Our last stop was a sharp contrast to Gamle Stavanger, but an equally charming one in a most colorful way. Øvre Holmegate, known locally as Fargegaten, or Color Street, is a shopping and dining destination with buildings painted in almost every color imaginable. Local hair stylist Tom Kjørsvik came up with the color idea in 2005 as a way to create a vibrant environment that would draw more visitors to the area.

“The houses on either side of the street were painted in different colors, based on a Miami Vice-inspired color scheme suggested by the Scottish artist Craig Flannagan. It’s not the colours alone that make the street work, but the very deliberate colour combinations. Each house was given a series of colours for its façade, doors and window frames, designed to harmonize with its neighbors.”


The street is literally bursting with color, a sensory overload that makes you smile as you walk from one end to the other. Even the outside décor seems to be purposeful in its color selections. Overhead triangular banners, round ball-like lanterns and flower boxes add to the ambiance and blend well with the colorful buildings. I kept thinking how the street could have been a caricature of color, but instead I found it to be beautiful, whimsical and simply fun.

Walking down Øvre Holmegate…

A shade of purple, even in the street!

Moving On

Back on the ship, I repacked my travel purse, replacing notes about Stavanger with those for the next day’s port. Farsund would be our last stop in Norway before heading to Denmark. We were booked on an excursion to the southernmost point in mainland Norway, which I thought would be a perfect full-circle moment after standing the northernmost point in Nordkapp.

And then it hit me. Farsund. I hadn’t checked on how to pronounce that town, either.


  • These photos and your description of Stavanger are wonderful. We didn’t walk into the town–and I’m sorry we missed Gamle Stavanger. We’ll be there again next summer and will not miss it!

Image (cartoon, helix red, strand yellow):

• Thank you, Susan! It was quite the full day, after our wonderful cruise to Pulpit Rock…and of course, those waffles! 🙂 You will love walking through Stavanger and are sure to have an interesting perspective with a return visit.

    • What a lovely comment, Joan…thank you! I’m glad to know you’re enjoying the posts. Norway is such a beautiful place to photograph!

  • Oh … this post brings back so many wonderful memories. We had hoped to do the hike to Pulpit Rock, but the timing didn’t work. So, we ended up staying in town. Loved, loved, loved Gamle Stavanger. Had our very first Norwegian waffles there. We spent so much time amongst those charming white buildings that we almost didn’t make it to the streets with the more colorful houses … which would have been a shame.

    Thanks for your in-depth journal. The only problem reading your stories is that now I want to go back to Norway again. Alas no time to squeeze it in over the next few years.

    • Erin, I loved hearing about your wonderful day in Stavanger. Thanks so much for sharing here! We could have spent more time in Gamle Stavanger as well, but wanted to fit in the colorful street, too. I’m happy to have rekindled such great memories and maybe even sparked a future return trip. There’s never enough time, is there?!